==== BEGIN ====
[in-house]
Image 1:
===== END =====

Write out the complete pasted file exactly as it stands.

[in-house]
Image 1: